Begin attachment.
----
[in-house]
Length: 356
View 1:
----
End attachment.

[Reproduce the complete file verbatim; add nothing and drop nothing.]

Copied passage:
[in-house]
Length: 356
View 1: